Magazine article Matrix: The Magazine for Leaders in Higher Education

Should SATs Be Considered in the Admissions Process?: Mount Holyoke Opts for Optional

Magazine article Matrix: The Magazine for Leaders in Higher Education

Should SATs Be Considered in the Admissions Process?: Mount Holyoke Opts for Optional

Article excerpt

Mary Lyon, who founded Mount Holyoke College, South Hadley, Mass., in 1837, faced many challenges, such as starting a women's college during an economic depression and trying to free women from the stereotype that they were better suited to the kitchen and nursery than the demands of higher education.

We'll never know how Lyon, who upheld rigorous academic entrance requirements, would have felt about the role the SATs play in determining who attends Mount Holyoke, but it's an issue at the forefront for the school's current president, Joann Creighton.

Creighton has decided to make it optional for applicants to submit their SAT scores for admission to Mount Holyoke starting with the class entering in 2001 and continuing for a trial period of five years.

Like Lyon before her, Creighton is often faced with decisions that affect not only Mount Holyoke but may set a standard for all of higher education. She does not take the decisions lightly.

"As you know, there is a vigorous national debate about the role standardized testing should play in American education," Creighton said. "At Mount Holyoke, we have been grappling for some time with this question. Troubled by the exaggerated importance the SAT has assumed in higher education and following a long, thoughtful discussion, our faculty voted by a wide margin to support an optional SAT admission policy. This step is deeply consonant with our mission and values and with our highly individualized admission selection process."

While some may suggest this is a ploy to increase declining enrollment, Jane Brown, vice president for enrollment and college relations, said Mount Holyoke's enrollment is solid and has increased 30 percent in the past three years.

So why make the SAT optional? High school guidance counselors told Brown some students viewed the test as such an obstacle that they wouldn't apply to Mount Holyoke, even though the SAT carried only about 10 percent of the weight in the admissions decisions. Administrators felt this prevented the school from casting the widest possible net and reaching the most diverse group of students.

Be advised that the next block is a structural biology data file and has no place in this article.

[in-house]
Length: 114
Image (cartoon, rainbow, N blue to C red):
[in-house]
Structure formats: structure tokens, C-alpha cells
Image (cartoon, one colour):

Diversity was not the main reason for the change though, nor was the fact that women tend to score lower on the SAT than men traditionally do, Brown said. According to the 2000 College Board Seniors National Report, females tended to score lower than men by an average of 38 points.

Robert Schaeffer, the public education director of FairTest, the National Center for Fair and Open Testing, pointed out that "this is an indication of the test's flaws." Even the test's promoters admit that young women earn higher grades in college, the very result the SAT is supposed to predict, he said.

The driving force behind Mount Holyoke's decision was the opinion of administrators who believe the qualities students need to be successful there are not necessarily addressed by the SAT.

"We look for evidence of academic achievement in rigorous and challenging courses, and we also look for less tangible qualities such as intellectual curiosity, thoughtfulness, motivation, leadership potential, creative ability, civic and social conscience, and idealism," Creighton said. "These qualities are not addressed by the SAT, and we fear requiring the test gives it disproportionate emphasis."

Brown said the College Board tries to provide the most fair, most just test and the school is not implying that the test has no value. "We are just saying it has deficiencies and that we can make decisions with or without it. Sometimes the test is a good predictor of success but for others it really is not."

The school prefers to encourage high school students to focus on activities that will contribute to their longterm intellectual and personal growth, such as class projects, independent research, and public service rather than on time-consuming and expensive strategies to raise their SAT scores. …

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